If you are interested in blogging or want to promote your book, please contact E. B. Davis at writerswhokill@gmail.com

Our September Author Interviews--9/6 Kathleen Valenti, 9/13 David Burnsworth, 9/20 Jeri Westerson, 9/27 Frances Brody. Please join us in welcoming these authors to WWK.

September Saturday Guest Bloggers: 9/2--Anne Bannon, 9/9 WWK Bloggers, 9/16 Margaret S. Hamilton, 9/23 Kait Carson, and on 9/30 Trixie Stiletto.

“May 16, 2017 – The Women’s Fiction Writers Association (WFWA) today announced the finalists of the second annual Star Award, given to authors of published women’s fiction. Six finalists were chosen in two categories, General and Outstanding Debut. The winners of the Star Award will be announced at the WFWA Retreat in Albuquerque, New Mexico on September 23, 2017.” In the general category, WWK’s Carla Damron was one of three finalist for her novel, The Stone Necklace. Go to Carladamron.com for more information. Congratulations, Carla!

Congratulations to our writers for the following publications:

Warren Bull's new Lincoln mystery, Abraham Lincoln In Court & Campaign has been released. Look for the Kindle version on February 3.

Shari Randall's "Pets" will be included in Chesapeake Crimes: Fur, Feathers, and Felonies anthology, which will be published in 2018. In the same anthology "Rasputin," KM Rockwood's short story, will also be published. Her short story "Goldie" will be published in the Busted anthology, which will be released by Level Best Books on April 25th.

In addition, our prolific KM will have the following shorts published as well: "Sight Unseen" in Fish Out of Water, Guppie (SinC) anthology, just released, and "Making Tracks" in Passport to Murder, Bouchercon anthology, October 2017.

Margaret S. Hamilton's short story, "Once a Kappa" was published as a finalist in the Southern Writer's Magazine annual short story contest issue. Mysterical-E published her "Double Crust Corpse" in the Fall 2016 issue. "Baby Killer" will appear in the 2017 solar eclipse anthology Day of the Dark to be published this summer prior to the eclipse in August.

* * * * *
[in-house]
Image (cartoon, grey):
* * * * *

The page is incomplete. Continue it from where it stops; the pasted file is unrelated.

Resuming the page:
James M. Jackson's 4th book in the Seamus McCree series, Doubtful Relations, is now available. His novella "Low Tide at Tybee" appears February 7 as part of Lowcountry Crimes: Four Novellas, which is available for order.

Friday, October 21, 2016

Malicious by Warren Bull

Malicious by Warren Bull

I was kidnapped, sort of. When I tried to get into the Writers Who Kill blog, which is from a group of bloggers including me, my antivirus program would not allow it. It appears that the WWK name has been stolen. Someone added dot NZ to the end, which is the designation for New Zealand. That website is described as “malicious.”

 I  lived in New Zealand when it happened so I could not get on my blog. Even when I went to a site that promised I could read blogs from the United States I was denied access to the real blog. Actually, I was told I could go ahead at my own risk to get on the NZ site. After four or five days my computer allowed me to get on the real Writers Who Kill blog. Thanks, Norton Security. I want to warn all the New Zealand readers to stay away from the fake blog.

There was and is no problem with the real blog in the United States.

The malicious website was a “Trojan,” i.e. it was pretending to be something it was not to lure people onto the site where any number of bad things might happen. 

Have you been the target of malware? 


Margaret Turkevich said...

yes, I've been a target but never a victim. My super-duper software takes care of that.

Gloria Alden said...

Fortunately, I don't think I have, but I think Kaspersky takes care of anything like that. It would be incredibly frustration. I'm glad you got everything straightened out.

E. B. Davis said...

I've been a target, too. But so far, so good! I resent them using our name. They don't care about us, but I care about our readers. Thanks for writing this blog, Warren. Hopefully, our readers will understand after reading your blog and stay away from the New Zealand fake.

KM Rockwood said...

So far, my virus protection program has stopped a number of potential problems from happening. I don't entirely trust any internet connections, but it's such an integral part of life now, I don't see any way to avoid all possible risk. It's like anything else--take sensible precautions but don't let it rule your life.